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Merced County Leaders Vote to Close Two Fire Stations: ‘We’re Moving into Hard Times’
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By The Merced Focus
Published 3 weeks ago on
May 8, 2024

Merced County leaders vote to close two fire stations, facing budget challenges. Talks are underway to fill coverage gaps and secure federal grants for additional personnel. (CVJC)

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The Merced County Board of Supervisors took a series of actions Tuesday that will cut the number of full-time Cal Fire stations from 19 down to 15.

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Victor A. Patton

The Merced FOCUS

The board voted 4-1 to close Station 96 in the City of Livingston, with District 1 Supervisor Rodrigo Espinosa giving the sole vote in opposition. Espinosa’s district includes Livingston.

Station 85 off McKee Road in north Merced will also be completely shuttered. The board voted 3-2 for the closure, with District 2 Supervisor Josh Pedrozo and Espinosa voting in opposition. Pedrozo’s district includes the McKee station.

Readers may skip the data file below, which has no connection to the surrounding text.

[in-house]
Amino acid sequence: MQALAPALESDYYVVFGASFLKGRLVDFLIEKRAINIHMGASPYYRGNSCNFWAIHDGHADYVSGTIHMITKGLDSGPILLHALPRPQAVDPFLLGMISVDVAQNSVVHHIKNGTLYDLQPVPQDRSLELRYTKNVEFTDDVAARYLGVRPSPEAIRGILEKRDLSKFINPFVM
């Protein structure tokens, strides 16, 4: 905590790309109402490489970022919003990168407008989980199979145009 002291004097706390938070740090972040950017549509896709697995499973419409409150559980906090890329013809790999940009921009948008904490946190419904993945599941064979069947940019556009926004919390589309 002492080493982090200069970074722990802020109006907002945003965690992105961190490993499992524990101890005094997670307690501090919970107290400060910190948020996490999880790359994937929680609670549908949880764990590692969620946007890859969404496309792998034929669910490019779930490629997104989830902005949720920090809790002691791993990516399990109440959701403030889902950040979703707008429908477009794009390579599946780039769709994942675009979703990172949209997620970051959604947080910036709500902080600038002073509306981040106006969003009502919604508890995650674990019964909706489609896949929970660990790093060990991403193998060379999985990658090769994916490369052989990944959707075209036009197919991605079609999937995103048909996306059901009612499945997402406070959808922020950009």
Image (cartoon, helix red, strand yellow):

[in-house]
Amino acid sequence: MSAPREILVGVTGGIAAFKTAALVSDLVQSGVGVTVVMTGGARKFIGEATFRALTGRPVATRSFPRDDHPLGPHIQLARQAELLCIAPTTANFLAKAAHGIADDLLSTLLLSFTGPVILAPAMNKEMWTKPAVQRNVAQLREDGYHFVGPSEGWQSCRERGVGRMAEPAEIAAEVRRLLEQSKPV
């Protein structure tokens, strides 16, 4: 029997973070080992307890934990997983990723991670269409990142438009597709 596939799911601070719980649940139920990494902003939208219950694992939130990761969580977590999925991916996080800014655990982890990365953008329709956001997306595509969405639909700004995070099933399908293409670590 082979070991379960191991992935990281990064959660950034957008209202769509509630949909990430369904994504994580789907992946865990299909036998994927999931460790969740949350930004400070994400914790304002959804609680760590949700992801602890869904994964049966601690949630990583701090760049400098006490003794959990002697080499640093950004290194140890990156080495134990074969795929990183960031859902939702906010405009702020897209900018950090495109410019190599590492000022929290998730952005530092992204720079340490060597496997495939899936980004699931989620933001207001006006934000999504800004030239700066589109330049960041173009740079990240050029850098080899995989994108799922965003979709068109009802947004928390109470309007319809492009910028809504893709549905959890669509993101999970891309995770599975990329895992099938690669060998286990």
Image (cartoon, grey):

Additionally, fire stations 92 and 64 in Ballico and Cressey respectively will be merged into a single unified station in Ballico. The Cressey station will be repurposed into a volunteer-only station.

On the county’s Westside, Dos Palos Station 76 and Station 75 at the Dos Palos Wye will merge into a single unified station at the Dos Palos Wye.

All of the changes are scheduled to take effect Oct. 1. The Board of Supervisors made the series of votes because the county has until Nov. 1 to comply with a state minimum requirement of two personnel on duty per station, 24 hours a day, seven days a week.

Of the 58 counties in California, Merced is the only one with Cal Fire stations falling below that threshold.

County in Talks to Fill Coverage Gaps

In light of the impending station closures, county and fire officials have been in talks with the impacted cities to potentially pursue automatic aid agreements.

Most prominently, the Merced City Council voted Monday to continue discussions with the county for a possible automatic aid agreement. Such an agreement could mean Merced Fire Department would be first responders for the area currently served by Cal Fire’s McKee Station, once it closes.